The creativity drove “the search for gold, the materialist impulse, and the search for freedom of religion.” 5
But it is our native inhabitants and our most forsaken inhabitants who have shown us the way, and suffered our folly. “The Native Americans were here before us…greeted us and taught us necessary skills for living in this new world.
“And the Africans, who were brought into this new world as the first immigrants that came after, but of the very seed of us that was and has always been in the mixture.” Without both groups we would be more like the Europeans, he says. Both groups give us much of the heft and texture of authentic identity that distinguishes America from the oppressive Old World it fled from.
“But ours has always been a racial obsession, since in my view the seed inside us has always been closer to the complex brew than it ever was to the picture we had of ourselves as white, Anglo-Saxon, Protestant northern Europeans…” 6
“I recognize that the way this country had was formed, and the way is still coming into being, is a powerful, combustible combination of energies. We would do well to recognize that we haven’t yet finished making ourselves, and that we can still take mindful control of that process. Our American history is taking us somewhere. We just don’t know where yet.” 7
This is a kind of thoughtful, tough-minded exhortation, but hardly leftist fire and brimstone. It points us toward hope, the refurbishing of our somewhat-tattered but rippling dream.
I first became aware of Banks somewhat belatedly as a graduate student in English, some years into my journalism career. So he struck me as not just a firebrand of my youthful ardor, but as a writer of innate and deeply honed wisdom regarding the human condition. The first book of his I read was Continental Drift, an exemplary story of the complexities of American immigration and identity. It proves to me today how timely his vision has always been, capturing the humanity behind our most vexing domestic policy today, besides gun control. Then came Affliction, a story of an ordinary American, a working-class man who seems to be losing his way, blighted by alcohol, almost shattering his existence, and yet who may have the dogged persistence of character that has helped define the best of America. Except this man slip-slides away, being too afflicted by the stuff that freedom-loving America enables. Your heart may bleed for Wade Whitehouse, with the pain of shared societal shame.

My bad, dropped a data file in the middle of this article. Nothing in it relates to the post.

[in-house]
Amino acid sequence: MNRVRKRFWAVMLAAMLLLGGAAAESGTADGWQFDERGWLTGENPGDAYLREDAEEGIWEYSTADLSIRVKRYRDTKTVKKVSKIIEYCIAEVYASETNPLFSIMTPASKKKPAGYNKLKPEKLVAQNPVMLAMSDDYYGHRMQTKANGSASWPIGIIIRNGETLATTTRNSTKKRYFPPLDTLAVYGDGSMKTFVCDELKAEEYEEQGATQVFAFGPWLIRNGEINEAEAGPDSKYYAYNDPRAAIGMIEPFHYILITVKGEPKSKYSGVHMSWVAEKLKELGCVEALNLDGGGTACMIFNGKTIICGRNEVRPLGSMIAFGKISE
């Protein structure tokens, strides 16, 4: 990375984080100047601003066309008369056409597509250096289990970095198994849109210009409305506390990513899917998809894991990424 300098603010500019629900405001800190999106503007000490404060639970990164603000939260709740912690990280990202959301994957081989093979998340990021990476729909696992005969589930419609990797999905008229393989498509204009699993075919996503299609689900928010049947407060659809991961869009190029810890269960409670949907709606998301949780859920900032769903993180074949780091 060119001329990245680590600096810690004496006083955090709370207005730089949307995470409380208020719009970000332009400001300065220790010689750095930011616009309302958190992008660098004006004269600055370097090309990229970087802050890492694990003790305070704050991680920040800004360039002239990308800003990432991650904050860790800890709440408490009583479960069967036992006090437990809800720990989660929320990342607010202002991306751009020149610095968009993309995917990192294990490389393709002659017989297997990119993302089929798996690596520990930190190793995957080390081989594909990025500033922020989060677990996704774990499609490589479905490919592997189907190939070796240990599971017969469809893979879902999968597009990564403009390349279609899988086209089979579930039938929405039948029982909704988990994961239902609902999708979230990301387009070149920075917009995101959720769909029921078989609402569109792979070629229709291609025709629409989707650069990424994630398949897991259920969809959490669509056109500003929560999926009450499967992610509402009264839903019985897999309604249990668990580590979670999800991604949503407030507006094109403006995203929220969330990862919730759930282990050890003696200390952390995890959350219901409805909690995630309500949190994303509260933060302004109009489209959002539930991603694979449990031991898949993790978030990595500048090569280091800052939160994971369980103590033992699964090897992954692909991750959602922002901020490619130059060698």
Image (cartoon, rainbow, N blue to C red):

James Coburn (left) won an Academy award for best supporting actor as the tortured, abusive father of Nick Nolte in the film version of Russell Banks’s “Affliction.” Scribed
Then, though heart-breaking, came perhaps the book easiest to swallow because of its tender spiritual affirmation, as embodied in its title, The Sweet Hereafter. It universalized the individual American character, in the deeply symbolic children and in the suffering bus driver.
Rule of the Bone followed, updating in the grand picaresque tradition of Mark Twain’s Huckleberry Finn, with a brash youth as an American scalawag, yet intuitively connected to honesty and goodness, seemingly rare commodities in his defiant view, and utterly truth-dealing as Banks’s story reveals.
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What ensued was Cloudsplitter, most likely his greatest and most provocative reach for the bending arc of justice, which Martin Luther King articulated as a vision we aspire to but reach all too infrequently.
This was a profound, historically-informed reimagining of the legacy of radical abolitionist John Brown, perhaps the most controversial American patriot in our history. If you want to begin to understand the subject’s craggy mountaintop of complexity, I recommend this book (along with the biography of Brown that ensued some years later, John Brown, Abolitionist, by David S. Reynolds).
Written imaginatively from the point of view of Brown’s sympathetic but spiritually torn son Owen, Cloudsplitter allows us to follow the raging and curving depths of Brown’s river-running compulsion – visionary, deeply humane, yet just zealous enough for some to call him crazy and criminal, certainly in the times he lived and died. Not so coincidentally, Banks lived for decades just down the road from John Brown’s grave, in upper New York, along with those of 13 of the other men who were killed at the Harpers Ferry raid or executed afterwards.